UPDATE: A fund has been set up for Almigdad’s family. Anyone who wants to please donate here
This morning I received the devastating news that Almigdad Mojalli, a Yemeni journalist who had written for a whole range of media – both Western and Yemeni – was killed, seemingly by a Saudi airstrike.
While I am no longer with IRIN, for over six months I had the pleasure of working with Almigdad as he wrote fantastic stories during Yemen’s brutal civil war.
He had the rarest of qualities of journalists in a civil war – total commitment to neutrality and objectivity. As journalists across the country were systematically squeezed to support either side, he maintained a healthy distain for all warring parties. His commitment was always to tell the suffering of the Yemeni people.
This dedication to facts, to truth and most of all to the Yemeni people made him unpopular with all those with weapons but loved by all those without. While we do not know the full circumstances of his death, on many occasions previously he had been both threatened by the Houthis and narrowly avoided Saudi airstrikes. In a war as brutal as Yemen’s, those genuinely committed to criticising all sides have been systematically under attack.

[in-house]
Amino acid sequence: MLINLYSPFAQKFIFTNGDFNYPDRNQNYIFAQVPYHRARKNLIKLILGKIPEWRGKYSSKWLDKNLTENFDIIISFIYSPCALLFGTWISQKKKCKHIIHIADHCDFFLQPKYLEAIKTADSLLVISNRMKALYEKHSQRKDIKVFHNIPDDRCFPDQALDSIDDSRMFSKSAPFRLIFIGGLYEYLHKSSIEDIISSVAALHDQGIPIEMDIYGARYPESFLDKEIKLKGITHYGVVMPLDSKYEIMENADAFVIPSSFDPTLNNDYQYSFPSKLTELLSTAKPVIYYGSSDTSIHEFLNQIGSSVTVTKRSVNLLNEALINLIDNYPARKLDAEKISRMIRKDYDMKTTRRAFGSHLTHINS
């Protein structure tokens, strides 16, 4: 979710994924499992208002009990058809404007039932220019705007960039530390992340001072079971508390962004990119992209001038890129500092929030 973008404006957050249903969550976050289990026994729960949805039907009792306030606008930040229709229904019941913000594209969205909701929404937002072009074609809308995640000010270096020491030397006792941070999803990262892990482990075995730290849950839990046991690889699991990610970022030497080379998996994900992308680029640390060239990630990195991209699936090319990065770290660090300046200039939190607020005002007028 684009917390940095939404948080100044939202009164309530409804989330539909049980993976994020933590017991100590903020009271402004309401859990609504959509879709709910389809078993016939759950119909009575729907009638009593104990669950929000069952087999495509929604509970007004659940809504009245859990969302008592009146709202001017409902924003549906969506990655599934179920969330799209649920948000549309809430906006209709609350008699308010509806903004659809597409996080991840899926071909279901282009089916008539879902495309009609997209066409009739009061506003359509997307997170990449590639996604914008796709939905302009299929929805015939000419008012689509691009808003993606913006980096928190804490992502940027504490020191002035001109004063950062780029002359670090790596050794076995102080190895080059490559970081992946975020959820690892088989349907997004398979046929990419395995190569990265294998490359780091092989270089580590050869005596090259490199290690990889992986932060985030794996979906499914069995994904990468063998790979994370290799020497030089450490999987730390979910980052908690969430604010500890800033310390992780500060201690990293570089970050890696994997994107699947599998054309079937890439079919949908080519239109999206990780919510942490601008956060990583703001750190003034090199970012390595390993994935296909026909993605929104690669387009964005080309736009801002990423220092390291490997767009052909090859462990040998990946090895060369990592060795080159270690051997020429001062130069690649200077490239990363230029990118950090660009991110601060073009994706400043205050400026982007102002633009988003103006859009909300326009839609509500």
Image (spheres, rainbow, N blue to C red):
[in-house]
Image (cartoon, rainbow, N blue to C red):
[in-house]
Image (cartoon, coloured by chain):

Almigdad wrote for IRIN freelance for nearly a year, along with other publications including VOA and The Telegraph. During that time, he systematically documented the suffering of his people amid one of the world’s most brutal civil wars. Among the topics he covered were the lack of aid arriving in the country, the remains of the country’s most famous orphanage and how people battled to feed their families.
He took the pain of his people and brought it to the world.
Multiple members of his family have been killed since the Saudi bombing campaign began in March 2015. We spoke many times about him leaving – fleeing to Jordan, or Malaysia or elsewhere. It often came back to the same point, he didn’t feel he could do it.
“I am a Yemeni, this is my home,” I remember him saying. He just wanted to live in peace with his family.
Almigdad Mojalli was a wonderful human being who did more for Yemen than all the country’s myriad political factions could ever hope to.
While journalism has suffered a great loss, his family’s pain is far sharper. His son, just six years old, will never know his wonderful father who sacrificed so much for him. Our thoughts are with them at this time.
Almigdad’s passing is a moment of sober realism for us all. Journalism, Yemen and the world will be far poorer without him.
I will leave you with a few of his words from this beautiful piece.
Over the past six months, I’ve been to dozens of bombsites. Even as a Yemeni, it is hard not to become desensitised. Every day I wake up to hear that 10 people were killed last night, or 20, or 40. It almost stops feeling real.
More than anything you focus on protecting those you care for. I am a journalist working in a war zone, but I am also a husband, a son and a father.
While I have stayed in Sana’a, I moved my family out to a village away from the airstrikes, so I don’t get to spend as much time with the children as I would like. “When will you take me to the park, Dad?” my five-year old son also asks me lovingly every week. The reply is always the same: “When the war stops.”